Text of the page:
Environmentalists must recognise they can’t have it all their own way as farming must become more sustainable to meet the challenge of food security, a conference was told.
About 100 key industry leaders came together to debate “Trade-offs and synergies: working together to balance challenges and opportunities in UK farming” – a multi-partner project which aims to identify the challenges, priorities and trade-offs required to “meet the challenge of the increased for producing food over the next 30 years in a sustainable manner”.
The conference, a Linking Environment And Farming (LEAF) event which debated the subject at Syngenta’s offices in Jealott’s Hill, Bracknell, on Thursday, 1 March, was chaired by BBC Countryfile presenter Tom Heap. It heard presentations from experts on food security and farming leaders, the key ideas and themes of which were recorded simultaneously by artists from Visual Minutes.
Speaking at the conference, Tim Benton, UK champion for global food security, identified the biggest trade-off for farming was for it “to become more sustainable”, but environmentalism had to recognise that “it can’t have it all”.
Prof Benton, of Leeds University, told delegates that to meet the challenges, farmers would need to increase food production while minimising inputs and enhancing ecosystems.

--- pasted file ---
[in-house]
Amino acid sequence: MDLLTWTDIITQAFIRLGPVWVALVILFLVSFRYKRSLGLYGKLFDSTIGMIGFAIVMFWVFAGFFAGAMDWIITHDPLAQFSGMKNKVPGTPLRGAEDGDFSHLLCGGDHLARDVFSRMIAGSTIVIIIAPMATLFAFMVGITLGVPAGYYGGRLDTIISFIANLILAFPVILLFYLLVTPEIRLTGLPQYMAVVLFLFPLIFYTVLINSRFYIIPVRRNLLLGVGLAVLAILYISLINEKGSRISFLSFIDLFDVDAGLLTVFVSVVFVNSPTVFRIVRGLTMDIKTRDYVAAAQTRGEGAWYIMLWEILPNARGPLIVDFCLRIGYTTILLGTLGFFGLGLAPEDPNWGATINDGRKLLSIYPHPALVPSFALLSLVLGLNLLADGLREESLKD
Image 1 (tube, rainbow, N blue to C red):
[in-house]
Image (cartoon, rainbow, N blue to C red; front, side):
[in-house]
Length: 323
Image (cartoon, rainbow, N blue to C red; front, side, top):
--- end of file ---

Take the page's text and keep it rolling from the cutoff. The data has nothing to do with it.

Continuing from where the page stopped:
Balancing the cost and benefits of agricultural practices against the environment would be a key part of this, he said,
Some options could include:
• Changing the way we view food – for some crops as little as 40% that is grown is eaten
• Reducing the “awful” figures that show about 30% of food produced in the UK is wasted
• A reduction in the use of artificial nitrogen fertilisers to benefit the oceans, biodiversity, water and air quality and human health
• Greater water abstraction rights for farmers, especially those in drought-hit areas such as south-east England
• Maintaining crop margins to attract natural predators of aphids, such as small wasps
• More research into soils to increase soil fertility and manage soils for production